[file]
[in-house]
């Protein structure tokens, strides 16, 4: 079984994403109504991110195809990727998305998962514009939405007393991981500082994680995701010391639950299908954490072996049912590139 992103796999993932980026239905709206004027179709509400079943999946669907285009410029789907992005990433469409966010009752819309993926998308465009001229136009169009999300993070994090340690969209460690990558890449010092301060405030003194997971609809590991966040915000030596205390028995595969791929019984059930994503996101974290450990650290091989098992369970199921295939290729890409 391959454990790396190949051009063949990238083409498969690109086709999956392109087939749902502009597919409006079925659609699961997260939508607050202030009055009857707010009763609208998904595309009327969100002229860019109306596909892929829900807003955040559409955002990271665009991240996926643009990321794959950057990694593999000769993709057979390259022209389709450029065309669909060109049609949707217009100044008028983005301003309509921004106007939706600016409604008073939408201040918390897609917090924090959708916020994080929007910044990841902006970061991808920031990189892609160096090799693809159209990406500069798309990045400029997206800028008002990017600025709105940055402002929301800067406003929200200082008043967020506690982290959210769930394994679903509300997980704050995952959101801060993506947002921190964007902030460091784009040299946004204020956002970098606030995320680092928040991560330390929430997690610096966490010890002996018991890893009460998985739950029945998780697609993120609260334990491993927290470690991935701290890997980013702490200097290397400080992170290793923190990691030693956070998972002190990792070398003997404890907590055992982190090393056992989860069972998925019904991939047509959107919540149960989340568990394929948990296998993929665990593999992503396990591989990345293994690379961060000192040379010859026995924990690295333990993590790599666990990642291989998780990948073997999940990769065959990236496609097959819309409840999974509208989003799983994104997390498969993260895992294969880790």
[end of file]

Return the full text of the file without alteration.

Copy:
[in-house]
């Protein structure tokens, strides 16, 4: 079984994403109504991110195809990727998305998962514009939405007393991981500082994680995701010391639950299908954490072996049912590139 992103796999993932980026239905709206004027179709509400079943999946669907285009410029789907992005990433469409966010009752819309993926998308465009001229136009169009999300993070994090340690969209460690990558890449010092301060405030003194997971609809590991966040915000030596205390028995595969791929019984059930994503996101974290450990650290091989098992369970199921295939290729890409 391959454990790396190949051009063949990238083409498969690109086709999956392109087939749902502009597919409006079925659609699961997260939508607050202030009055009857707010009763609208998904595309009327969100002229860019109306596909892929829900807003955040559409955002990271665009991240996926643009990321794959950057990694593999000769993709057979390259022209389709450029065309669909060109049609949707217009100044008028983005301003309509921004106007939706600016409604008073939408201040918390897609917090924090959708916020994080929007910044990841902006970061991808920031990189892609160096090799693809159209990406500069798309990045400029997206800028008002990017600025709105940055402002929301800067406003929200200082008043967020506690982290959210769930394994679903509300997980704050995952959101801060993506947002921190964007902030460091784009040299946004204020956002970098606030995320680092928040991560330390929430997690610096966490010890002996018991890893009460998985739950029945998780697609993120609260334990491993927290470690991935701290890997980013702490200097290397400080992170290793923190990691030693956070998972002190990792070398003997404890907590055992982190090393056992989860069972998925019904991939047509959107919540149960989340568990394929948990296998993929665990593999992503396990591989990345293994690379961060000192040379010859026995924990690295333990993590790599666990990642291989998780990948073997999940990769065959990236496609097959819309409840999974509208989003799983994104997390498969993260895992294969880790």